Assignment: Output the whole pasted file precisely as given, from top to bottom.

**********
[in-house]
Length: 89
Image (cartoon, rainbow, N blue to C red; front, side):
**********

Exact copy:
[in-house]
Length: 89
Image (cartoon, rainbow, N blue to C red; front, side):